PBS Hawai‘i Board Chair Jason Fujimoto established this new Board committee to discern opportunities and threats amid the disruptions in a world of rapid change.

 

Committee Chair Ian Kitajima, who explains his day job as a “tech sherpa” at problem-solving company Oceanit, says his approach is to get out of the rut of common assumptions and sharpen the questions. His committee is mostly composed of non-Board members who hold jobs in strategy and are veterans of training in design thinking. Some staffers participate, too.

 

Design thinking seeks to understand users, challenge assumptions and redefine problems, in trying to identify alternate strategies and solutions. Let’s see what they come up with in reimagining elements of your PBS Hawai‘i.

 

Mahalo to members of Ian’s PBS Hawai‘i Board Committee on Innovation/Futures: Stacy Clayton, Brian Dote, Justin Hernandez (California), Aaron Kagawa, Ryan Kanno (Japan), Kevin Kawahara, Ravi Pare and Huy Vo.

 

We can’t claim Dr. Einstein as a committee member, but his attitude permeates the room: “The important thing is not to stop questioning…. Never lose a holy curiosity.”

 

Aloha nui,

Leslie signature


 

 

A Concern About Hawaiians Leaving Hawai‘i

 

CEO Message

A Concern About Hawaiians Leaving Hawai‘i
Left image: Community Advisor Dr. Shawn Kana‘iaupuni, left. Right image: Community Advisory Chair Karen Knudsen with fellow member Les Murashige

Left image: Community Advisor Dr. Shawn Kana‘iaupuni, left. Right image: Community Advisory Chair Karen Knudsen with fellow member Les Murashige

Community Advisors pictured, from left: Cheryl Ka‘uhane Lupenui (Hawai‘i Island), Les Murashige, Dennis Bunda, Kainoa Horcajo (Maui), Marissa Sandblom (Kaua‘i) and Dr. Shawn Kana‘iaupuni. Not pictured: Chuck Boller, Lei Kihoi (Hawai‘i Island) and Corrina Moefu.

Community Advisors pictured, from left: Cheryl Ka‘uhane Lupenui (Hawai‘i Island), Les Murashige, Dennis Bunda, Kainoa Horcajo (Maui), Marissa Sandblom (Kaua‘i) and Dr. Shawn Kana‘iaupuni. Not pictured: Chuck Boller, Lei Kihoi (Hawai‘i Island) and Corrina Moefu.


Leslie Wilcox, PBS Hawai‘i President and CEOBesides our statewide, governing Board of Directors, PBS Hawai‘i has a Community Advisory Board, with all of Hawai‘i’s counties represented, to give us feedback about programming and other community engagement.

 

At a recent meeting, these Community Advisors shared thoughts about the central question of our April 19 KĀKOU – Hawai‘i’s Town Hall: “How do we keep Hawai‘i, Hawai‘i? One theme of the discussion was concern about Native Hawaiians choosing to move out of state.

 

Dr. Shawn Kana‘iaupuni of Honolulu says there are research initiatives to measure the current outflow of Native Hawaiians. “That’s our host culture,” she noted.

 

Cheryl Ka‘uhane Lupenui of North Hawai‘i Island mentioned that community changes are affecting a school which uses a curriculum based on the Hawaiian culture. This curriculum is deemed less relevant to the needs of new students.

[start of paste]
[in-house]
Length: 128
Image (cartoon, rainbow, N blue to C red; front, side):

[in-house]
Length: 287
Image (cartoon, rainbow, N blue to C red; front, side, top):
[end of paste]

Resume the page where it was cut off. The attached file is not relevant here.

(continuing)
Maui’s Kainoa Horcajo said that newcomers and visitors are using social media to confer new names on treasured places, resulting in a “homogenization” of Hawai‘i.

 

All of the advisors counseled PBS Hawai‘i staff not to worry if the Town Hall turns dour. They pointed out that change is inevitable, and mindfulness is a positive first step if we want to keep Hawai‘i, Hawai‘i.

 

More to come on this subject…Aloha nui,

 

Leslie signature

 

 

INSIGHTS ON PBS HAWAI‘I
How Does The Local Homeless Population Affect Businesses?

 

In his 2018 State of the City address, Mayor Kirk Caldwell announced his plan to introduce a bill to take back O‘ahu’s sidewalks to clear the way for their intended use – for pedestrians. Do you agree with this move? And in some areas where the homeless population is most visible, how much impact does their presence have on stores and restaurants?

 

Join us during our live discussion by phoning in, or leaving us a comment on Facebook or Twitter. INSIGHTS is also live streamed on pbshawaii.org and Facebook Live.

 

Phone Lines:
462-5000 on Oahu or 800-238-4847 on the Neighbor Islands.

 

Email:
insights@pbshawaii.org

 

Facebook:
Visit the PBS Hawai‘i Facebook page.

 

Twitter:
Join our live discussion using #pbsinsights

 

 


INSIGHTS ON PBS HAWAI‘I
Has Hawai‘i Turned a Corner in the Homeless Crisis?

 

INSIGHTS returns with an examination of the State’s homeless plan. How do we measure its effectiveness, and what pending legislation could serve as the breakthrough Hawai‘i needs? According to the U.S. Interagency Council on Homelessness, Hawai‘i still has the highest per capita population of homeless in the country. However, the council’s Western Regional Coordinator, Katy Miller, says “things have started to gel” in the Islands. What do you think? Has Hawai‘i turned a corner in the homeless crisis?

 

Join us during our live discussion by phoning in, or leaving us a comment on Facebook or Twitter. INSIGHTS is also live streamed on pbshawaii.org and Facebook Live.

 

Phone Lines:
462-5000 on Oahu or 800-238-4847 on the Neighbor Islands.

 

Email:
insights@pbshawaii.org

 

Facebook:
Visit the PBS Hawai‘i Facebook page.

 

Twitter:
Join our live discussion using #pbsinsights

 

 


GREAT PERFORMANCES AT THE MET
Romeo et Juliette

 

The lectrifying team of Vittorio Grigolo and Diana Damrau reunites for a new production by Bartlett Sher of Gounod’s opera, based on the Shakespeare play. Damrau makes her role debut as Juliette, Grigolo sings Romeo and Elliot Madore sings Mercutio. Gianandrea Noseda conducts.